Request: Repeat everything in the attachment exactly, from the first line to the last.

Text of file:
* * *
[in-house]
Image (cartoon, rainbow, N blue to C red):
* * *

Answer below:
[in-house]
Image (cartoon, rainbow, N blue to C red):